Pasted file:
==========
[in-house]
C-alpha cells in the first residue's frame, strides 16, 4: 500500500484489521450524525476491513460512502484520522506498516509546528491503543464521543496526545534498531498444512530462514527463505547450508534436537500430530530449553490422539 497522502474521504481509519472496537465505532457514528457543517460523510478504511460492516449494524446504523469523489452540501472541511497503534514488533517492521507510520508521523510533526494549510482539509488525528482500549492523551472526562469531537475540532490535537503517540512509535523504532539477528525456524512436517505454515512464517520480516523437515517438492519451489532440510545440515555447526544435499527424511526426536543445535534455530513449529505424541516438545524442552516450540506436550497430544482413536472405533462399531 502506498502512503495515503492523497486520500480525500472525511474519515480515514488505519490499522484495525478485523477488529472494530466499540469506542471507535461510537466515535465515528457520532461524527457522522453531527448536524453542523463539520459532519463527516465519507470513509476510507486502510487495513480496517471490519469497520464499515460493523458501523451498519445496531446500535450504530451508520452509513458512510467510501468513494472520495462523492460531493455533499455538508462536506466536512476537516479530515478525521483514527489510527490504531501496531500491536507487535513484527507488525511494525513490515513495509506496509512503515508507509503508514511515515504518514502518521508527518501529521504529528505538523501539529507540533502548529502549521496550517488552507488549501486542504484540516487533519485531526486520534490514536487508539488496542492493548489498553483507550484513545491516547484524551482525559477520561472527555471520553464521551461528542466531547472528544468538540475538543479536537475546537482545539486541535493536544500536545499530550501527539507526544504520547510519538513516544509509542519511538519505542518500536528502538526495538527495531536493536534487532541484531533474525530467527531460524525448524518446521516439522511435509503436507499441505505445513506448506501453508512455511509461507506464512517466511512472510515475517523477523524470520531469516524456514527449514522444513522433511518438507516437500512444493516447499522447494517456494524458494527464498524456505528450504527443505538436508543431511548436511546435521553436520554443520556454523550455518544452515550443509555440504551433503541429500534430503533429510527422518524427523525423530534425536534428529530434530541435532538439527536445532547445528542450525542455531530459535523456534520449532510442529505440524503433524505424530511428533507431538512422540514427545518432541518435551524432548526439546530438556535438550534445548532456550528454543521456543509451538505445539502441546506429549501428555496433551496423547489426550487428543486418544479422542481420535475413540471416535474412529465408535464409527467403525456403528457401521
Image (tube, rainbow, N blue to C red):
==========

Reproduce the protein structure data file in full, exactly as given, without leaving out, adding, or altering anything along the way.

[in-house]
C-alpha cells in the first residue's frame, strides 16, 4: 500500500484489521450524525476491513460512502484520522506498516509546528491503543464521543496526545534498531498444512530462514527463505547450508534436537500430530530449553490422539 497522502474521504481509519472496537465505532457514528457543517460523510478504511460492516449494524446504523469523489452540501472541511497503534514488533517492521507510520508521523510533526494549510482539509488525528482500549492523551472526562469531537475540532490535537503517540512509535523504532539477528525456524512436517505454515512464517520480516523437515517438492519451489532440510545440515555447526544435499527424511526426536543445535534455530513449529505424541516438545524442552516450540506436550497430544482413536472405533462399531 502506498502512503495515503492523497486520500480525500472525511474519515480515514488505519490499522484495525478485523477488529472494530466499540469506542471507535461510537466515535465515528457520532461524527457522522453531527448536524453542523463539520459532519463527516465519507470513509476510507486502510487495513480496517471490519469497520464499515460493523458501523451498519445496531446500535450504530451508520452509513458512510467510501468513494472520495462523492460531493455533499455538508462536506466536512476537516479530515478525521483514527489510527490504531501496531500491536507487535513484527507488525511494525513490515513495509506496509512503515508507509503508514511515515504518514502518521508527518501529521504529528505538523501539529507540533502548529502549521496550517488552507488549501486542504484540516487533519485531526486520534490514536487508539488496542492493548489498553483507550484513545491516547484524551482525559477520561472527555471520553464521551461528542466531547472528544468538540475538543479536537475546537482545539486541535493536544500536545499530550501527539507526544504520547510519538513516544509509542519511538519505542518500536528502538526495538527495531536493536534487532541484531533474525530467527531460524525448524518446521516439522511435509503436507499441505505445513506448506501453508512455511509461507506464512517466511512472510515475517523477523524470520531469516524456514527449514522444513522433511518438507516437500512444493516447499522447494517456494524458494527464498524456505528450504527443505538436508543431511548436511546435521553436520554443520556454523550455518544452515550443509555440504551433503541429500534430503533429510527422518524427523525423530534425536534428529530434530541435532538439527536445532547445528542450525542455531530459535523456534520449532510442529505440524503433524505424530511428533507431538512422540514427545518432541518435551524432548526439546530438556535438550534445548532456550528454543521456543509451538505445539502441546506429549501428555496433551496423547489426550487428543486418544479422542481420535475413540471416535474412529465408535464409527467403525456403528457401521
Image (tube, rainbow, N blue to C red):